Slotkin wins election to second term in Congress
Democratic U.S. Rep. Elissa Slotkin won a second term representing the 8th Congressional District on Wednesday after trailing Republican Paul Junge in early results throughout the night.
Slotkin was leading Junge 51% to 47% on Wednesday, with all precincts reporting.
Slotkin on Wednesday thanked her supporters and staffers and urged unity as final votes were tallied statewide.
President Donald Trump won the district by a "slim margin," but she was "optimistic" about Democratic presidential candidate Joe Biden's chances of winning Michigan, Slotkin said.
"We must figure out how we come back together as a nation,” shen said.
Slotkin had remained optimistic late Tuesday when early tallies showed Junge ahead, nothing that the early results showed she was running a little ahead of 2018 totals in the precincts that had reported results so far. She was performing better in Howell and Rochesterthan in 2018, and won Brighton after losing it in 2018.
Michigan Secretary of State Jocelyn Benson has said the state may not get all votes counted in some races until Wednesday night.
The race between the former CIA analyst from Holly and Junge, a Brighton former TV anchor and prosecutor, is expected to test whether Democrats can cement gains made in the 8th Congressional Distrct in 2018, when Slotkin flipped the district from red to blue.
In 2018, Slotkin beat GOP U.S. Rep. Mike Bishop of Rochester by less than four percentage points in a district President Donald Trump won in 2016 by 8 percentage points.
The 8th District includes part of the reliably Democratic Ingham County, conservative Livingston County and the increasing Democratic Oakland County.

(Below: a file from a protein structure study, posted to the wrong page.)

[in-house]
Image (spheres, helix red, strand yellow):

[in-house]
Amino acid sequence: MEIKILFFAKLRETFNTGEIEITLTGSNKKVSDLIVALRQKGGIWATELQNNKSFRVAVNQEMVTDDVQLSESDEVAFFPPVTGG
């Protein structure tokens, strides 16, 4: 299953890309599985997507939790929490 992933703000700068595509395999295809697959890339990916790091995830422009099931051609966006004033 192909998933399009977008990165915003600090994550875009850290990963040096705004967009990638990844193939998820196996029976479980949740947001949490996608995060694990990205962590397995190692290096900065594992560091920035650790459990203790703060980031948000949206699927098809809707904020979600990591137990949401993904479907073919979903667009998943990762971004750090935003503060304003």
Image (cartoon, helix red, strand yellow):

Slotkin, 44, has outraised Junge, 54, by millions of dollars. As of mid-October, Slotkin had raised more than $7.5 million and had about $3.4 million on hand. Junge raised about $1.32 million and had about $393,000 on hand.
In 2018, Slotkin also out-raised Bishop. They're race came the most expensive U.S. House contest in Michigan history at $28.3 million, smashing the prior record of $14 million.
Slotkin and Junge frequently clashed on the campaign trail over allegations of blind party loyalty and debates over the future of the Affordable Care Act. Slotkin attacked Junge for failing to take a strong enough position on preexisting conditions, and Junge criticized Slotkin for voting in line with U.S. House Speaker Nancy Pelosi, D-California.
Both candidates have disputed the attacks as inaccurate and hyperbolic.
Jason Cholewa, a military veteran, planned to vote for Trump as he entered his Oceola Township polling location Tuesday but he wasn’t committed to vote straight ticket. He was still undecided about whether the 8th Congressional District would be the race to split his ballot.
“I have convictions for both (candidates) so that will probably be a decision I make when I get in there,” Cholewa said, noting the congresswoman’s critique of the president and her loyalty to party were what weighed on him heading in.
“I believe that she’s got some really great ideas. If she could break away a little bit from the Democratic Party…I’d really be on board with supporting her,” he said.
Hadeel Rass, a junior at Michigan State University, wasn’t thrilled about voting for Biden, but planned to vote a straight Democratic ticket anyway, including Slotkin.
Like Rass, Lucy Leitch, 25, of East Lansing planned to vote a straight Democratic ticket, including throwing her support behind Slotkin.
“I’ve had a couple people talk to me about her before…so I definitely just went Democrat for her,” Leitch said.